Is Triclosan in Your Toothpaste?

Here is an example of using something for years that I never even knew was dangerous to my health.
Triclosan Triclosan has been used since the 1960’s as an antibacterial or antimicrobial in common household products like toothpaste and liquid soap, antiperspirants and cosmetics. Yet it is known to disrupt hormones, lower sperm production and harm the immune system.

It was first approved in 1969, for use as a pesticide only, by the Environmental Protection Agency (EPA). In 2008 it was reviewed again, and it continues to be approved only as a pesticide, due to its damaging effects on the human body: including paralysis, sterility, and damage to the liver, kidneys, heart and lungs. Why then are manufacturers still allowed to put it in our products?

How come I’ve been brushing my teeth, washing my hands with it, and using antiperspirants containing it for years?
I’m waking up to what I’m doing to my body by mindlessly buying products, trusting that whatever is on the shelves is safe, because it’s been approved by the Environmental Protection Agency or Federal Drug Administration. It only takes a moment to read the ingredient lists of whatever I’m buying.

Recently, a petition went to the EPA from 82 environmental and public health groups to regulate Triclosan because of the “significant risks to human health and the environment” that it poses. Even though Triclosan is not scheduled for another review until 2021, because of this petition they will begin an early review in February, 2011. This petition encourages the EPA to impose harsher restrictions on its overall use from its handling and use by humans to the effects it is having on the environment.

What will they conclude?
Here is an interesting letter from the American Cleaning Institute on their concerns about Triclosan.

Recent Developments:
Procter and Gamble (P&G) announced that it will eliminate Triclosan from its products by 2014, because of mounting pressure from consumers and public advocacy organizations.
Johnson & Johnson has committed to removing it from it’s products by 2015, because of consumer concern over the safety of Triclosan.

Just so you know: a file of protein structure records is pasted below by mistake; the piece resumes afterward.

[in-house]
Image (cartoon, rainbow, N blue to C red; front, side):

Canada has declared it toxic to the environment, but did not find enough evidence to declare it hazardous to humans! It has yet to take action on requiring it to be taken out of personal care products.

Watch this focused and very informative presentation by Dr. Allison Aiello to the Pesticides and Health Panel 2012 Forum. She shows what is happening in the Consumer Setting with Triclosan. After listening to her, you can draw your own conclusions about whether this is a product you need to avoid.

Here’s a List of Common Products containing Triclosan .

Fluoride Update
Sodium Fluoride is another dangerous substance that is in all regular toothpastes that you buy today. The unfortunate thing is that people are being misled about Fluoride.

The so called “fact” that Fluoride is good for preventing tooth decay is based on studies done with calcium fluoride, a naturally occurring substance that can be proven to regenerate tooth enamel.

However the fluoride put in public water supplies is sodium fluoride, which is a by-product of aluminum production and proven dangerous to health. In fact sodium fluoride has been proven by scientists to calcify the pineal gland which makes it difficult to think clearly as we get older, contributing to brain fog.

Getting older doesn’t have to mean brain fog, poor memory and difficulty thinking. We can avoid contributing to this by reading the ingredient list on the toothpastes we buy, and choosing natural toothpastes which do not contain sodium fluoride and triclosan.

Latest Information on Fluoride and it’s Health Effects
In January 2012 the Environmental Protection Agency (EPA) announced that Fluoride in drinking water needs to be reduced, because it’s causing a breakdown in tooth enamel, discoloration and pitting in children’s teeth.

Two in 5 teens had tooth streaking, spottiness and pitting from excessive Fluoride from drinking water and products like toothpaste which are used in the mouth, and absorbed through the mucous membranes in the mouth, which are the most permeable in the body.

Source: Fluoride, Guess What?

It’s a matter of being proactive about the products we buy.

teething baby photo

And if you want to take matters into your own hands and make sure you know what’s in your toothpaste, make your own.

Recipe for Homemade Toothpaste:
Baking soda + cold pressed coconut oil 50/50 ratio
Flavour it with stevia sweetener, or a few drops of an essential oil like spearmint or peppermint.
Mix up a batch of it in the consistency that you prefer and keep it in a glass jar.
You can get the stevia at your local health store or order it on the internet.

Triclosan

In my view, this does the job better than any commercial toothpaste, and gives me peace of mind too from the effects of Triclosan.

Comments are closed.